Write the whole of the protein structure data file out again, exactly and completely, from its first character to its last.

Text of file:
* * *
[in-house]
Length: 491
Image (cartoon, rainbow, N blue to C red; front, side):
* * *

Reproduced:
[in-house]
Length: 491
Image (cartoon, rainbow, N blue to C red; front, side):